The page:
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I'm seeing a strange behavior in my code, here's an analogous example using apples and persons, but the code is basically the same:

List<Apple> apples = ...
var selectableApples = apples.Select(a => new SelectableApple { SelectedByPerson = null, Apple = a });

foreach (Person person in persons)
{
    foreach (var unselectedApple in selectableApples.Where(aa => aa.SelectedByPerson == null))
    {
        if (/*the person satisfies some conditions*/)
        {
            // This gets executed like 100 times:
            unselectedApple.SelectedByPerson = person;
        }
    }
}

foreach (var selectedApple in selectableApples.Where(aa => aa.SelectedByPerson != null))
{
    Unreachable code - the collection is empty... WTF???
}

The SelectableApple class is just a plain C# class without logic, and public getters and setters for all the properties.

Why does this happen?

Thanks in advance!

share|improve this question
2  
Mixing projection and mutation? The 100-times-line could operate only on the shadow of the thing, not the thing itself. – bzlm Oct 12 '11 at 15:26
    
You sure SelectableApple is a class, not a struct? – Daniel Earwicker Oct 12 '11 at 15:31
up vote 6 down vote accepted

The selectedApples is not a collection that contains objects, it's an expression that creates a collection on the fly. That means that the changes that you do to the objects are discarded, and when you loop selectedApples again it will be recreated from scratch.

Make it a collection using the ToList method:

var selectableApples = apples.Select(a => new SelectableApple { SelectedByPerson = null, Apple = a }).ToList();
share|improve this answer
1  
Yep, beat me to it :-) just verified as well. – James Michael Hare Oct 12 '11 at 15:33
    
Unbelievable. Thanks for your help! – alf Oct 12 '11 at 16:50

There are a couple of issues here. The first being that the Where statement does not produce a list of objects. It is an expression statement.

Expression statements evaluate on the fly so changes to the objects produced are discarded each time you run the statement. Believe it or not this is a desirable result. This allows for you to handle complex nested for statements in a way that is more efficient and elegant.

The best way to answer your question is by analyzing what you have written and rework some of the code to show you a better way.

In your code:

List<Apple> apples = ...
var selectableApples = apples.Select(a => new SelectableApple { SelectedByPerson = null, Apple = a });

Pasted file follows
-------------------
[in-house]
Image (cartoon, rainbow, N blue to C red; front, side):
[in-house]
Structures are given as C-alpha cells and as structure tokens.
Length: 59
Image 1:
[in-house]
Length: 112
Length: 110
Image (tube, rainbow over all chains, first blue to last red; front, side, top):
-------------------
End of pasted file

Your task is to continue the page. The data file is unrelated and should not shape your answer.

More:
foreach (Person person in persons)
{
    foreach (var unselectedApple in selectableApples.Where(aa => aa.SelectedByPerson == null))
    {
        // This will ideally give all apples to the first person who
        // meets the conditions. As such this if condition can be moved
        // out side of the above the foreach loop.
        if (/*the person satisfies some conditions*/)
        {
            // This gets executed like 100 times:
            unselectedApple.SelectedByPerson = person;
        }
    }
}

foreach (var selectedApple in selectableApples.Where(aa => aa.SelectedByPerson != null))
{
    Unreachable code - the collection is empty... WTF???
}

So if we rework this code so that the if statement is out side of the inner loop. Your code will do the same logical thing. Mind you this does not yet fix the problem but takes you one step closer. Here is how the code will look:

List<Apple> apples = ...
var selectableApples = apples.Select(a => new SelectableApple { SelectedByPerson = null, Apple = a });

foreach (Person person in persons)
{
    // Now we can see that since this will all apples to the first person
    // who satisfies the below conditions we are still doing to much. And it
    // still does not work.
    if (/*the person satisfies some conditions*/)
    {
        foreach (var unselectedApple in selectableApples.Where(aa => aa.SelectedByPerson == null))
        {
            // This gets executed like 100 times:
            unselectedApple.SelectedByPerson = person;
        }
    }
}

foreach (var selectedApple in selectableApples.Where(aa => aa.SelectedByPerson != null))
{
    Unreachable code - the collection is empty... WTF???
}

Now we have started to group things so that a simpler answer can be seen. Since the if statement means that only the first person to satisfy the condition will be the person who gets all the apples. So lets get rid of the outer foreach loop and condense that down to LINQ.

List<Apple> apples = ...
var selectableApples = apples.Select(a => new SelectableApple { SelectedByPerson = null, Apple = a }); 
var selectedPerson = persons.Where(p => /*the person satisfies some conditions*/).First()

if(selectedPerson != null)
{
    foreach (var unselectedApple in selectableApples.Where(aa => aa.SelectedByPerson == null))
    {
        // This gets executed like 100 times:
        unselectedApple.SelectedByPerson = person;
    }
}

foreach (var selectedApple in selectableApples.Where(aa => aa.SelectedByPerson != null))
{
    Unreachable code - the collection is empty... WTF???
}

Looking at the above code, we can now see that the inner loop is just a modification on the original select. So lets look at that:

List<Apple> apples = ...
var selectedPerson = persons.Where(p => /*the person satisfies some conditions*/).First()
var selectableApples = apples.Select(a => new SelectableApple { SelectedByPerson = selectedPerson, Apple = a }); 


foreach (var selectedApple in selectableApples.Where(aa => aa.SelectedByPerson != null))
{
    // This should now run provided that some person passes the condition.
}

Now your code will run as desired, and you can take advantage of the lazy loading and the looping optimization provided within LINQ.

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